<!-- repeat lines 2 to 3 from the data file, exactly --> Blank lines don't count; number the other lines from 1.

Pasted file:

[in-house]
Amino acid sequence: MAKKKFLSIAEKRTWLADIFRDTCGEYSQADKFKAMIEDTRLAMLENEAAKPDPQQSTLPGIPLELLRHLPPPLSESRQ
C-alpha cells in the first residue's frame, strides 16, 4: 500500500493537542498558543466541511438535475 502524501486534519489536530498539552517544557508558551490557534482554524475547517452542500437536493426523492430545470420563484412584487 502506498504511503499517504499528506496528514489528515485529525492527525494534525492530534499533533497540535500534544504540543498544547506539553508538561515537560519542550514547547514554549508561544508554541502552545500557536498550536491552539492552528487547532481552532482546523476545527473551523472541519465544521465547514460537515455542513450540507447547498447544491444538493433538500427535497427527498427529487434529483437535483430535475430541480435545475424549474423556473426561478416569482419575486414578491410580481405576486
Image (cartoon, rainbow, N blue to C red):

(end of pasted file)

Amino acid sequence: MAKKKFLSIAEKRTWLADIFRDTCGEYSQADKFKAMIEDTRLAMLENEAAKPDPQQSTLPGIPLELLRHLPPPLSESRQ
C-alpha cells in the first residue's frame, strides 16, 4: 500500500493537542498558543466541511438535475 502524501486534519489536530498539552517544557508558551490557534482554524475547517452542500437536493426523492430545470420563484412584487 502506498504511503499517504499528506496528514489528515485529525492527525494534525492530534499533533497540535500534544504540543498544547506539553508538561515537560519542550514547547514554549508561544508554541502552545500557536498550536491552539492552528487547532481552532482546523476545527473551523472541519465544521465547514460537515455542513450540507447547498447544491444538493433538500427535497427527498427529487434529483437535483430535475430541480435545475424549474423556473426561478416569482419575486414578491410580481405576486